Chancellor plans permanent budget surplus
George Osborne has announced plans to limit UK governments to running balanced budgets in all but exceptional circumstances. Is it irresponsible for governments to spend beyond their means?
When seven party leaders gathered in Salford for the election debates in early April, it was predictable that the first question would focus on the most significant issue in the campaign. The UK’s budget deficit — the amount which the country had to borrow each year in order to make up the shortfall between its tax revenues and the amount it planned to spend — had dominated the political agenda since its alarming growth in the wake of the financial crisis of 2008.
Five weeks later, the Conservative party’s victory appeared to vindicate its strategy of emphasising its perceived strength on the issue. And in a major speech in the City of London last night, the Chancellor of the Exchequer, George Osborne, indicated his view of the public’s decision: it was a watershed moment for the way the UK runs its public finances. Not only is he aiming to eliminate the deficit and run a budget surplus by 2018; he also plans to enshrine future governments’ requirement to do so in ‘normal’ times in law.
The Chancellor’s plan would mean that governments were bound to bring in more money than they spent each year, which has not happened since 2001-2 and has only been true in seven of the last 50 years. Such a measure would prevent the government from having to borrow money, to be paid back with interest later on. Mr Osborne cites Sweden and Canada as examples of countries which have been relatively resilient in the face of the recent tough global economic circumstances thanks to their responsible approach to public finances.
With the deficit reaching £100.9bn in 2010 and the national debt now nearly £1.5 trillion, concerns over fiscal discipline assumed a particularly prominent place in both the 2010 and 2015 elections. The candidates in the current Labour leadership election still face a barrage of related questions, with the deficit remaining £53.1bn in 2014-15. But reducing it has required the policy of austerity, or cutting back levels of public spending.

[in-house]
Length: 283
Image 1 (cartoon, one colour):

Mr Osborne and his supporters say that running a budget deficit is fundamentally irresponsible. The public do not want to see their money being spent on interest payments on unnecessary debts. They would far rather pay less in taxes or see more of the money they spend invested in services they use.
But Pete Wishart, a Scottish National Party MP, says that the plan will ‘set austerity in concrete’. Running a deficit may be the best thing for a democratically elected government to do in the interests of the country. Borrowing money may be the best way to stimulate the growth to make people better off. And sometimes essential services simply need money which is not immediately available.
- Should governments be able to spend more money than they collect in taxes?
- How significant is fiscal responsibility to governing a country?
- Choose five words to describe George Osborne’s idea, and write a brief explanation of why you chose each of them.
- Write a speech either agreeing or diagreeing with the idea.
Some People Say...
“We should aim for a permanent change in our approach to fiscal responsibility.”George Osborne
What do you think?
Q & A
- Isn’t this rather removed from day-to-day life?
- It has a knock-on impact on everyone’s lives. Running a permanent surplus will mean that the government starts paying off its debt, requiring it to spend less on public services (like health, education and policing) or raise taxes. The Conservative government has promised not to raise taxes before 2020, but future governments may feel the need to do so.
- What if we just keep running deficits?
- The problem is that running a deficit enlarges the national debt, which is already around 80% of our GDP. This means that the government owes more money to its creditors. Eventually that money will need to be repaid. And businesses are anxious about investing in countries with large debts as they fear that they may suddenly need to repay large amounts.
- The first question
- A 17-year-old politics student named Jonny Tudor asked how the leaders proposed to cut the budget deficit without raising taxes or making substantial cuts to public services.
- The financial crisis of 2008
- The British government was running a small deficit in the middle of the decade, which grew rapidly after the crash in global financial institutions. This was because the government spent money nationalising Northern Rock and bailing out banks such as RBS as they faced the threat of closure.
- Major speech
- Mr Osborne was speaking at the Mansion House dinner, an annual black-tie event at which the Chancellor and Bank of England address prominent professionals in the world of finance.
- National debt
- See The Day’s briefing on the issue, written in April (available in the expert links).
- Fiscal discipline
- Fiscal policy relates to the government’s use of taxation and expenditure.
- This refers to a programme of cutting government expenditure. A particularly acute case of austerity in Britain came after the Second World War, when the country was nearly bankrupt.